So, what is the operation time of an electromechanical relay for a given arcing current? To do this you will need the following information.

1. Ratio of current transformers.
2. The current rating of the relay.
3. The time / PSM curve of the relay.
4. The time multiplier setting.
5. The plug setting multiplier position.

The current transformer (CT) ratio (a) is covered in an earlier section, just make sure that the current rating of the relay (b) matches the secondary of the CT. The relay current rating can usually be found on the front of the relay cover as shown in Figure 8.4. The time/PSM curve (c) is usually provided on the relay cover as well as in manufacturerâ€™s literature. If the source of the information is the latter, it may be presented as the characteristic curve shown in Figure 8.6. The time multiplier setting (d) and the plug setting multiplier position (e) can be taken directly from the relay, as shown in Figure 8.4.

Figure 8.6

As an example, if we have the following information, we can determine the relay time to operate; CT ratio = 400/5, current rating of the relay = 5A, the curve is shown in Figure 8.4 above, the time multiplier setting TMS = 0.2 and the plug setting multiplier position is 100%. We have calculated an arcing fault current of Iarc = 5000 amperes.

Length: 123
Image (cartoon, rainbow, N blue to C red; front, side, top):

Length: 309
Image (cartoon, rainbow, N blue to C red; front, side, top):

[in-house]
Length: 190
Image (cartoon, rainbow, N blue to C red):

The relay current = Iarc x CT Ratio = 5000 x 5/400 = 62.5 amperes.

The plug setting multiplier is 100% meaning that the current multiple = Relay current/rating = 100% x 62.5/5 = 12.5 times

Using the curve for a TMS of 0.2, the corresponding time to trip is therefore 0.57 seconds.

Bear in mind that there is the time for the circuit breaker to operate to take into account as well as relay inaccuracies. Both these factors need to be added to the relay trip time before applying this to calculate the incident energy. Some further information to follow.

Warning - Never touch the moving parts of electromagnetic IDMT relays. Actions such as in trying to manually turn the disc or bending contacts can warp moving parts or introduce acidity which may result in decay to contact surfaces.

8.4.3 Static Relays

Figure 8.7 Static Relay

Static Relays were first introduced the 1960s and gained in popularity in the 1970s. They were the next generation on from induction disc electromechanical types. So called static relays meant that they have no moving mechanical parts and monitored the voltage and current incoming waveforms by analogue circuits.

They were an electronic replacement for electromechanical relays designed to carry out the same functions but performed better as they are more accurate, are fast acting and caused less burden on current transformers. Knowledge of electromechanical IDMT relays meant that settings and, in this case, data collection is fairly straightforward. The static relay shown in Figure 8.7 was a very popular model which arrow switches to select and set the required time current characteristic shown on the front panel. This same format was adopted by several manufacturers. For data collection, this makes the process fairly straightforward as all the information is on display. Most user manuals are easy to obtain by google even if some of the relays are over thirty years old. Manufacturers are keen to make information accessible, even about obsolete products so no need to pay specialist companies for photocopied documents.